NewAssignment.Net is a not a plan for a company; in fact, it’scloser to a charity, an editorial engine anchored in civil societyitself, rather than the media industry or journalism profession. Astoday’s announcement shows, New Assignment can be on friendly termswith Big Media, which it is is not trying to destroy or supplant.

Wish I had something clever to say about this, but all I can come up with is, "interesting."

Monday, September 18, 2006

Apologies

Posted By on Mon, Sep 18, 2006 at 8:29 PM

Sorry for the light posting. My kid's got croup and I haven't had much time online. I even had to miss Bill and Emily's wedding reception, but I did go to the ceremony, and got to see Darth Vader stroll down the aisle.

More tomorrow, I hope, after I get some sleep.

Friday, September 15, 2006

Press release fun

Posted By on Fri, Sep 15, 2006 at 1:24 PM

Bloggers: How do you know when you've become part of the official media? When individuals, businesses and governmental institutions start sending you press releases. Reporters get them all the time.

I end up deleting many of the press releases I get, but occasionally one catches my eye. Here's one I just got from the health department that I thought I'd pass on. If you read between the lines, you'll discover the hidden message: Eat local.

Health Department advises consumers to discard bagged spinach following e.Coli outbreak

For Immediate Release: Sept. 15, 2006
Media Contact: Communication Office
Vermont Department of Health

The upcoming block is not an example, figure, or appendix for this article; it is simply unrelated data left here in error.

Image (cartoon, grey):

802-863-7281

BURLINGTON –  The Vermont Department of Health issued a health advisory today about an outbreak of E.coli traced to prepackaged, bagged spinach that has caused illnesses in eight states including Connecticut and one death in Wisconsin.

“There have been no reported cases of E.coli in Vermont related to the recent foodborne outbreak, but we advise that consumers and restaurants discard any bagged, fresh spinach at this time,” said Patsy Tassler, an epidemiologist with the Vermont Department of Health. “Anyone who experiences symptoms of illness after eating bagged spinach should contact their health care provider immediately.”

The federal Food and Drug Administration is working with the Centers for Disease Control and Prevention (CDC) to trace the spinach back to its grower and vendors. More than 50 cases of illness have been reported to the CDC.

The warning applies to bagged spinach only and not to frozen block spinach, spinach from local markets or mixed bags of lettuce that also include spinach.